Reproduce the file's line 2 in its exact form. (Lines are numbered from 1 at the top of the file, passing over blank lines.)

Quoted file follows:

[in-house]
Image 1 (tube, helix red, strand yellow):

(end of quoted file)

Image 1 (tube, helix red, strand yellow):